Finch: Picky Female

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ambience: finch songs

One of the ways a female bird chooses her mate is by listening to his song. It turns out that the song may contain important clues about the suitability of the suitor. I’m Jim Metzner, and this is the Pulse of the Planet. Jeff Podos is an assistant professor of biology at the University of Massachusetts in Amherst. He regularly plays male finch songs to female finches as he tries to figure out why females choose the mates they do.

“What we’ve been talking about with respect to song perception, up till now really has to do with species recognition, so whether or not let’s say a female will be able to say that male singing is from my species or from another species. But it turns out that there is also some more refined sorts of questions that females can be asking when they’re assessing cues that the males provide. They might be making decisions about who they want to mate with within their species.”

Jeff Podos and his team recently showed that beak size affects the tone of a finch’s song. Now he believes that the female finch may use these tonal cues to choose a mate.

“And there might be a range of males that she has a choice of mating with. And they’re producing their songs, which provide clues and maybe the female is able to use the song to say, well that sounds like a larger billed version of my species and that other song maybe sounds like maybe a smaller billed version of the same species and I want to mate with a larger beaked male this season because it’s a drought year and if I mate with a larger beaked male then my offspring will tend to have larger beaks and they will be more likely to survive on the available food resources. So there’s another level of resolution to which we would like to take these studies, because females are certainly using some sorts of queues to distinguish among males of their species and we just really don’t know what that would be at this point.”

Pulse of the Planet is presented with support provided by the National Science Foundation. I’m Jim Metzner.

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Finch: Picky Female

What's in a song? For female finches, the notes reveal more about suitors than just a romantic interest.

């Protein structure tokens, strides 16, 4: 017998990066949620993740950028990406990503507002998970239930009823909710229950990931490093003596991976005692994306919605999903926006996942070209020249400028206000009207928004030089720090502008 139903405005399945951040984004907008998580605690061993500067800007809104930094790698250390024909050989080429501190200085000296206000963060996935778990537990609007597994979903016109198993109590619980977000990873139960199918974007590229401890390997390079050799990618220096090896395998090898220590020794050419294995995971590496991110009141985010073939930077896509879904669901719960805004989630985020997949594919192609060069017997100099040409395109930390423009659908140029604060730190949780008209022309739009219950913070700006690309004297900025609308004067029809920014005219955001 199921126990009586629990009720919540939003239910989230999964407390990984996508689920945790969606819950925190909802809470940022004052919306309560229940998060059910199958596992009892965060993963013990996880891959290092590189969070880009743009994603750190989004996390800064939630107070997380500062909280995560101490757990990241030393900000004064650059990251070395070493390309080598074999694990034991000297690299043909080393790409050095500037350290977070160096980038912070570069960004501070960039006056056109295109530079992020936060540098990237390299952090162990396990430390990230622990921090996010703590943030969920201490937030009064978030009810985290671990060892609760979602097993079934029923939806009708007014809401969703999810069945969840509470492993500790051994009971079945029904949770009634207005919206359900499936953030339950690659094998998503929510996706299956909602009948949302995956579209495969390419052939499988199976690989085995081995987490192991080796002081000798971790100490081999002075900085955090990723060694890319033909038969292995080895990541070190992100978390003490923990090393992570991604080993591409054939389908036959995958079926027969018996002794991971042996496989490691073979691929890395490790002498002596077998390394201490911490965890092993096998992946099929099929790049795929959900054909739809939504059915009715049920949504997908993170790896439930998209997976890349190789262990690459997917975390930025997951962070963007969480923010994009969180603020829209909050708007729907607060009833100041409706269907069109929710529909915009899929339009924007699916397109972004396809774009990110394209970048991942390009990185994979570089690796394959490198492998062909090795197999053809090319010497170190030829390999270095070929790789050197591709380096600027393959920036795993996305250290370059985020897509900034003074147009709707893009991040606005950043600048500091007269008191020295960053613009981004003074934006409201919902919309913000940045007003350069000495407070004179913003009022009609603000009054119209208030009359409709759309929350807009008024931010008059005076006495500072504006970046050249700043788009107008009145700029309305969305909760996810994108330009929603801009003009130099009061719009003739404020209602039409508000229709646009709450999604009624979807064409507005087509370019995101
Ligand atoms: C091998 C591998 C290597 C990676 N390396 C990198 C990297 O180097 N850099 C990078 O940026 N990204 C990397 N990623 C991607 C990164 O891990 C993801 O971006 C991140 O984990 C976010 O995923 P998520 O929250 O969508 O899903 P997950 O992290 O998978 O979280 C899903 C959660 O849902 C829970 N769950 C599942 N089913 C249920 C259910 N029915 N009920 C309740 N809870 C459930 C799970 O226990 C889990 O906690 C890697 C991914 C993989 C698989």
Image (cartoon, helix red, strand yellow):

Air Date:08/26/2002
Scientist:
Transcript:


music
ambience: finch songs

One of the ways a female bird chooses her mate is by listening to his song. It turns out that the song may contain important clues about the suitability of the suitor. I'm Jim Metzner, and this is the Pulse of the Planet. Jeff Podos is an assistant professor of biology at the University of Massachusetts in Amherst. He regularly plays male finch songs to female finches as he tries to figure out why females choose the mates they do.

"What we’ve been talking about with respect to song perception, up till now really has to do with species recognition, so whether or not let’s say a female will be able to say that male singing is from my species or from another species. But it turns out that there is also some more refined sorts of questions that females can be asking when they're assessing cues that the males provide. They might be making decisions about who they want to mate with within their species."

Jeff Podos and his team recently showed that beak size affects the tone of a finch's song. Now he believes that the female finch may use these tonal cues to choose a mate.

"And there might be a range of males that she has a choice of mating with. And they’re producing their songs, which provide clues and maybe the female is able to use the song to say, well that sounds like a larger billed version of my species and that other song maybe sounds like maybe a smaller billed version of the same species and I want to mate with a larger beaked male this season because it’s a drought year and if I mate with a larger beaked male then my offspring will tend to have larger beaks and they will be more likely to survive on the available food resources. So there’s another level of resolution to which we would like to take these studies, because females are certainly using some sorts of queues to distinguish among males of their species and we just really don’t know what that would be at this point."

Pulse of the Planet is presented with support provided by the National Science Foundation. I'm Jim Metzner.

music